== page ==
https://swanfall.com

https://www.facebook.com/ArthurSwanAuth




Q: So let us start, Arthur, by having you share what motivates you to write?

I want to tell a story that captures readers' imaginations, that they will identify with and enjoy. Also, I find writing to be a very relaxing means of travel. I can cross the universe yet return in time for breakfast. I can experience a whole different life for a while. Pretending to be someone else helps me understand their point of view.



Q: How do you spend your writing time?

Drinking tea. Staring into space. Furiously typing before a fleeting thought escapes. Swimming—yes, sometimes while exercising it occurs to me what to write.




Q: What are your favorite genres to write or read?


I love to write fiction. But I read some nonfiction, and I love novels, such as Fair Warning by Michael Connelly, which incorporate some truth about relevant issues along with a good story. I’ve been reading about some of the shocking problems with the criminal justice system to see if there is a story there that I can tell.




Q: Do you use certain tricks that help prevent you from straying from your goal?

Don’t start something new until I finish the thing I’m doing. This applies to short-term tasks, such as finishing a paragraph before taking a tea break, as well as long term projects, i.e., finishing a novel (or giving up) before starting a new one.


Q: Where /how do you or what recharges your batteries?

In a number of ways including: swimming, hiking, paddle boarding, reading, going to new places, staring at the horizon and sleeping.


Q: How do you deal with literary criticism?

I try to set it aside until I don’t feel overwhelmed, until I can take it in without a visceral reaction and think about what’s really being said. Even when I disagree with the exact statement, I usually find that whoever said it has indeed pointed out a problem or something that could be better. Once I realize what that is, I’ll change it if I can. Or if it’s too late, at least I can learn from it for next time.


Q: How many unpublished or half-finished writing projects are sitting on your "to-do" shelf?

I’d like to say none. If I abandon something, then it’s not worth going back to.
Although there is one exception. One science fiction novel that I started but don’t have a good ending for which I take off the shelf every few years and tinker with in the hopes of solving what seems to be an insurmountable problem. Don’t know if I ever will. For now, it’s just an exercise. A little reminder which seems like a good idea might not actually work in practice.




Q: 
What business challenges have you faced as a writer?


My main challenge is time. 

Creative endeavours require time to fail in order to succeed. Every writer I’m aware of who became successful, owes their success in part to all those who helped them along the way. These relationships take time to develop.

And, of course, it takes time to write. That’s the main thing. Time to write and rewrite.






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Saturday, January 15, 2022

Just for Writers !



Just For Writers !!   

Today is the 9th installment of this new series of posts Just For Writers ! Watch for a new post in this series around the middle of every month !! *Note: Some of these links go back as far as early 2000's and may refer to our old website - ignore them. Go to: http://BrummetMedia.ca


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Life coach and author Bob Crawford dropped by our blog for an interview back in 2012. *This refers to our old website, ignore that.:


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KWE Publishing, a Morgan James Publishing Imprint, offers a helpful podcast, Sociable Scribes, for writers of most genres. I found this interview with Charles George of particular interest  https://kwepub.com/sociable-scribes-podcast-season-210-charles-george-book-marketing-guru-publish-to-thrive/ , and I encourage our readers to check out the 6 pages or so of previously published episodes of their podcast. Feel free to reach out to KWE Publishing, they are always welcoming to submissions and queries.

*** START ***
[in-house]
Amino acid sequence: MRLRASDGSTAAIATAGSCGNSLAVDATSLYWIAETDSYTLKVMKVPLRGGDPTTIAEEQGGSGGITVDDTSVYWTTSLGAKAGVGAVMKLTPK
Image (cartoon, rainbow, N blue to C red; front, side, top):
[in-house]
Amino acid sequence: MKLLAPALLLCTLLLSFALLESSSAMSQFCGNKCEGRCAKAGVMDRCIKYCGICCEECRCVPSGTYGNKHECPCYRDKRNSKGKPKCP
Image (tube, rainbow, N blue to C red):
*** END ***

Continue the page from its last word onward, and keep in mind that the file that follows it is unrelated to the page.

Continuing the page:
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This next one is a fantastic resource for authors - it is a podcast run by two fun ladies who love to talk about the world of writing and are passionate about helping writers reach a wider audience. After The After Show is a relatively new podcast hosted by McKensie Stewart and Amy Shannon. Here, you will find that they discuss all things literary.




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Adele Parke invited us to appear on her blog back in 2013 where I shared tips and covered many issues on the topic of co-writing. *This refers to our old website, ignore that.



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Philip Yaffe was a guest on our old talk radio show back in 2010 where he shared some very interesting and helpful advice on how to speak and write like a professional. *This refers to our old website, ignore that.





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-- Quick writer tip # 2 -- 


Don’t make anyone work for anything; provide everything they will need so that they do not have to ask for it.  




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Friday, January 14, 2022

Recommended Resources



Recommended Resources



This link below was submitted to us via Makenzei Pohl, and offers helpful resources for how to prepare in case of a natural disaster including emergency kits and printable checklists to help you prepare your emergency plan:


https://www.rocketmortgage.com/learn/emergency-plan-for-home


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This next resource comes to us from one of our readers, Clio Smeeten, who says this site "is one of the best bear websites.":

http://www.bearconservation.org.uk


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And this resource was sent to us via Katie Hylton, who said she "thought this collection of activities for people with dementia would make a great addition to the other resources you have listed" on our blog:

https://wordfinderx.com/blog/fun-activities-for-people-with-dementia/

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Find them elsewhere online HERE